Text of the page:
His eyes were lake blue and quick to wink. An expanse of shiny brow reached for his tea-colored hair, lightly streaked with gray and always neatly combed, especially when going out. His gently rounded nose, though pink-tinged with tiny broken capillaries, was none the less noble. His mouth, what a mouth! It could chirp a perfect whistle which made me jubilant, or suck up a raw egg which made me gag and run out of the room.

He had a song for everything and he sang with a husky baritone, like  the swish of field grass in a lazy breeze. In between songs, jokes lined up on his tongue.

His whistling made me proudest of all. Such a champion he was that he even performed on the radio once.

“Teach me to whistle Tato,” I said, “please, I want to whistle just like you.”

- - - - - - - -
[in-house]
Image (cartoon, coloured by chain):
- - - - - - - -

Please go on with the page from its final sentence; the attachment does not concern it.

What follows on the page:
“It’s easy. Just form your lips like you would to say the letter “u” and then blow some air out,” upon which my father puckered his lips and demonstrated a trill of such beauty and mastery that a songbird would have been slighted. My attempts, on the other hand, produced only harsh wheezes and a good amount of spit.

“Gently, gently,” he said.

I tried again. More spit.

“You’re soaking the floor.”

Giggles.

“Now listen,” he said. “You can whistle or you can giggle, but you can’t whistle and giggle.”

By then whistling was no longer an option. I was in the midst of an out and out, riotous, hilarious giggle fest.

Jaunty, impulsive, slightly reckless. That was my father. He surprised us with a television set – a rare item for communist Poland in the fifties.  He took me to the circus, to the zoo, to the big park downtown for a ride on the carousel. He taught me silly songs. He told me if I was a good girl he’d bring me exotic fruits like pineapples, bananas, and watermelon and, by God, he managed to find them. But if I was bad, he warned, “I’ll send you off to the cygani.”  They often rode in caravans down our street and he knew I was afraid of them. But my father’s eyes couldn’t tell a lie. They twinkled with a waggish glint so bright it put his gold tooth to shame. No way was I going to the gypsies.